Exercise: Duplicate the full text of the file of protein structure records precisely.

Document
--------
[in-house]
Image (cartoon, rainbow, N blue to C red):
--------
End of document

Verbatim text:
[in-house]
Image (cartoon, rainbow, N blue to C red):